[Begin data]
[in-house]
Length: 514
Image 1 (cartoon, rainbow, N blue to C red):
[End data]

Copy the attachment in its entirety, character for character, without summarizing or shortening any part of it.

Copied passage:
[in-house]
Length: 514
Image 1 (cartoon, rainbow, N blue to C red):